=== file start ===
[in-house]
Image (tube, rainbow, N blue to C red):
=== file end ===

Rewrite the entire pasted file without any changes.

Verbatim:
[in-house]
Image (tube, rainbow, N blue to C red):